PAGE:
Experience history in action, how human emotions have changed over the centuries, and the impact it has had on Australia today. Read the latest news from the History of Emotions:

24 April 2015

From the Deputy Director

The thrill of being both CHE’s Deputy Director and Leader of the Performance program lies in being able to engage researchers with the broader community and bring practical research outcomes to the general public in a series of events ranging from mass participation such as the website ‘My Life as a Playlist’ in partnership with the Australian Broadcasting Corporation (2013-2014) through to engagement with school and college students in historically-informed opera productions (2011-2014). Some of our most exciting work at this research-practice-public engagement nexus is yet to come, with major projects planned for the next three years. 

Early 2015 got off to a thrilling start with the engagement of musical director William Christie and his ensembles Les Arts Florissants and Le Jardin des Voix as part of a public event entitled ‘The Passionate Arts in the Early Modern World’ which took place in Perth on 6 March. Christie’s championing of historically informed performances is based on close readings of musical scores and theoretical treatises. Hearing Christie explain as well as demonstrate 17th and 18th century ideas about rhetoric and passion brought vibrancy and depth to the discussion of historical emotions. Responding to the collective emotions generated in the modern day audience was also shown to feed Christie’s work as he interacted with the emergent emotions experienced in the moment of performance. 

In August 2015, postdoctoral research fellow Lisa Beaven and I will co-host the 2015 Performance Program collaboratory, providing further opportunity for exchange between scholars, practitioners and the public. The event, entitled ‘Practising Emotions: Place and the Public Sphere’, will explore how complex manifestations of emotion, and our understanding of these historically, is played out in relation to public performance and the specifics of place. The event will question how theories of place and emotion intersect in both spontaneous and rehearsed performances in sites as diverse as public squares, parks, city streets, open-air theatres, and landscapes.  Street performances such as music, dance, theatre and acrobatics festivals will be explored alongside trials, executions, religious festivals, services and processions, as well as political events such as uprisings, protest rallies and natural disasters.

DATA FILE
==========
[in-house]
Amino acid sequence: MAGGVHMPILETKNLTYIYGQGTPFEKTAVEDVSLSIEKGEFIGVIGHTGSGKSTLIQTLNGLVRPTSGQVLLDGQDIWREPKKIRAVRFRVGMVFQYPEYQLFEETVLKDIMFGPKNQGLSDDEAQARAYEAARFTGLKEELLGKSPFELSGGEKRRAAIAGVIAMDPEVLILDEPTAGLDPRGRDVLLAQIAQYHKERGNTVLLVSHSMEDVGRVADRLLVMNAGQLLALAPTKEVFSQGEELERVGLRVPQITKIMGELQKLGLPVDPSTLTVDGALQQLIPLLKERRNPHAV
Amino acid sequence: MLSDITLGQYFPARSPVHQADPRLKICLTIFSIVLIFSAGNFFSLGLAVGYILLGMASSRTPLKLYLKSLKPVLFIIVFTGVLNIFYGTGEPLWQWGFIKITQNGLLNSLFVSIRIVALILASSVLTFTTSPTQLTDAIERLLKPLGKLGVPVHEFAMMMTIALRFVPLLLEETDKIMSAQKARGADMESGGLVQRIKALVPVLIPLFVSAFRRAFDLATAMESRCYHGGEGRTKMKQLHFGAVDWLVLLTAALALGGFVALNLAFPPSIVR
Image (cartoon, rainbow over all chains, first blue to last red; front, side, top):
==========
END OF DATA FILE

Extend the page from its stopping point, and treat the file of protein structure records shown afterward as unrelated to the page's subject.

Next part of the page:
The Performance Collaboratory will offer the opportunity to interrogate how urban space is reconfigured by different events, perception of place being changed by performative practices. It will investigate what the practice of emotions in history consists of and the complex problems of interpretation it presents. In addition to traditional academic papers, opportunities to engage with live performances will offer scope for experimentation and reflection, the general public being invited to participate. 

Translating CHE’s research outcomes to engage broad interest is vital, given the powerful role of emotions in personal and collective experience, and our performance work offers a special contribution.

Jane Davidson
Deputy Director | Chief Investigator | The University of Melbourne


CHE Research Clusters
 By Associate Investigator Claire Walker

I am an AI based at the Adelaide node and, with Charles Zika (a CI at the University of Melbourne), set up the Emotions and Religion CHE Research Cluster in September 2014. We wanted to provide a forum where scholars of pre-modern belief and practice could meet, discuss and together research the ways religion shaped particular emotional behaviours and the significant role of emotion in the performance and experience of religious devotion.

Many CHE researchers are working on projects with a religious dimension and the cluster grew rapidly over the ensuing couple of months, so that it now includes twenty-three members, located principally in Australia, but also in the United Kingdom and the United States. Several have current or former affiliations with CHE, but we have also welcomed researchers of religion from the broader academic community.

To date the cluster has focused on bringing its members together at conferences. There will be three Religion and Emotion panels at the ANZAMEMS Conference in Brisbane in July. We also have other events advertised, or in the pipeline. Jennifer Clement is organizing a working day at the University of Queensland on 14 August which considers Early Modern Literature, Sermons, and the Rhetoric of the Passions.